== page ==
"Why the heck didn't I buy a safety sausage?" This is what you will be thinking (besides a few choice words, of course) if you surface a distance away from the dive boat and the boat doesn't see you.
Whether you lost the group underwater or got carried away with the current, it is never a good feeling.
And surfacing and only barely seeing the dive boat does not help matters.
You may think it is easy to see you while you are at the surface. Trust me, it's not. Divers will pretty much blend in with the water, especially if there are waves and whitecaps. You need something to make you stand out and attract the attention of the dive boat.
This is where a scuba sausage comes into play. It is one of the cheaper scuba diving accessories to buy and one you will be infinitely grateful to have if you ever need one. So let's get started.
It is actually a very simple device. Most sausages are long, thin tubes made of brightly colored material. You fill them with air so you will be visible from quite a distance away. They are rolled up and can fit into a BC pocket or attached to clip on a scuba bcd.
What should I look for in a safety sausage?
There are many different sized sausages out there but you should get one that is at least 6 foot long (even taller is better). Think of it. If there are any kind of swells or waves, you want the sausage to be able to be seen over the waves.
Get one made of heavy material. The last thing you want is a sausage that rips at the seams when you fill it with air. Might as well not have one at all.
Sausages come in many different colors. Fluorescent yellow and orange are usually cited as being the best colors. Bright orange is usually recommended as being the easiest color to see in most conditons.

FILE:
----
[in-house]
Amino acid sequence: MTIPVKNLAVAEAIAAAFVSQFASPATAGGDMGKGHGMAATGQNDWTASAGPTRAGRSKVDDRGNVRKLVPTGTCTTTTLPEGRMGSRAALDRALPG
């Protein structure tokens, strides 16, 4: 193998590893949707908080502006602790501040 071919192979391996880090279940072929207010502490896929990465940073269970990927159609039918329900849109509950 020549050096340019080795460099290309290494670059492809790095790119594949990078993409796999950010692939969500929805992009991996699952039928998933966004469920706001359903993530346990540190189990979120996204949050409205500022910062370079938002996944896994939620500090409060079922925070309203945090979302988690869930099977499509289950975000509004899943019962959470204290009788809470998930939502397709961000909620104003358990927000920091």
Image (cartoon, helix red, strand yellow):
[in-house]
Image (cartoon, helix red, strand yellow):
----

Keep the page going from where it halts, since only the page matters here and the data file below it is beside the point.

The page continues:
OK, you're at the surface and have determined that the dive boat cannot see you. Don't panic. Take out your safety tube and unroll it. You can inflate it orally, with your regulator (or octopus) or with your BC inflator hose depending on the type of sausage you have.
It is a good idea to practice inflating your safety device before you dive with it. You will be stressed enough if you ever need to use it, so you don't want this to be the time to practice using it. The sooner you get it out, the better - especially if you are in a current.
Sausages can also get holes in them so it is also a good idea to inflate the device before you dive to make sure all is OK.
Hold the sausage up so the dive boat can see you. The sausage should stand upright but sometimes in windy conditions it may bend over. Do the best you can to get it to stand straight so it is easier to spot. Once the dive boat sees your, leave the sausage inflated so other boat traffic will also be able to spot you.
You should try and have the sausage attached to you in some way. The last thing you want is the device to be blown away from you and watch the boat going after the sausage and not you.
This scuba safety sausage should do the trick. No more debating about the color. It has the two highest recommended colors - yellow on one side and orange on the other side.
I highly recommend getting a dive safety sausage. You never know what will happen. They don't cost much and it could save your life. It will be the last thing you want to use, but if you need it, you will sure be glad you have it.
Have a safe dive!
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